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French startup Blade first brought its Shadow cloud gaming service to U.S. shores earlier this year with a soft launch in California. Shadow promised to give gamers the equivalent of a $2,000 gaming PC to stream on anything that has a screen. Now, the company is rolling out its streaming service to additional states in the west coast and the east coast thanks to a new data center.
In addition to California, the total number of states will increase to 18. The states include Oregon, West Virginia, Virginia, North and South Carolina, New York, Connecticut, New Jersey, Ohio, Maine, Maryland, Pennsylvania, Vermont, Rhode Island, Nevada, Massachusetts, New Hampshire, and Delaware.
The primary hook of Shadow is the ability to play on nearly any screen, including smartphones. However, controlling a full Windows PC isn't the easiest thing to do on a small screen. To that end, Blade also unveiled an iOS and Android app called Shadow Beyond. This allows players to simply skip all of the extraneous Windows stuff and open directly into their games.
We've previously written about Microsoft's goal to eventually go all in on streaming as the future of Xbox. In fact, recent reporting has revealed that Microsoft could be releasing two Xbox consoles, one full powered and another less powerful one for streaming.
Ubisoft CEO Yves Guillemot recently stated that he believes gaming will eventually be less hardware dependent. "With time, I think streaming will become more accessible to many players and make it not necessary to have big hardware at home. There will be one more console generation, and then after that, we will be streaming, all of us," he said in an interview with Variety.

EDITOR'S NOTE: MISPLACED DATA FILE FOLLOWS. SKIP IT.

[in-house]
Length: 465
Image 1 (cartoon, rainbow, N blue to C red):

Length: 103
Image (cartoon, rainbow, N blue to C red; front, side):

The cloud gaming market is already starting to fill up with Nvidia's GeForce Now and Sony's PlayStation Now being the more well-known implementations. Other companies such as Liquid Sky are more similar to Blade in that they advertise the use of a full PC instead of simply game streaming.
The primary obstacle to reliable game streaming is obviously network speed and latency. Broadband penetration is still not good enough for a large swatch of the world to take advantage of streaming games. Even in the United States, rural dwelling consumers do not always have the luxury of fixed, high speed broadband connections. Additionally, cloud gaming providers have to ensure low latency for twitch games like first-person shooters and fighting games.
The upside is that with many players entering the cloud gaming market, the odds of somebody figuring out the speed/latency issue increases dramatically. However, even if someone cracks that code, consumers could still face other issues beyond their control such as data caps set by their ISP. Furthermore, the lack of net neutrality could see ISPs charging Microsoft, Nvidia, Blade, and others extra for cloud game streaming with those costs possibly being pushed down to the customers.
For now, Blade seems confident that it can stand apart from the pack. The company is planning its expansion by August 9th to the aforementioned 18 states with a wider release to the rest of the country by October.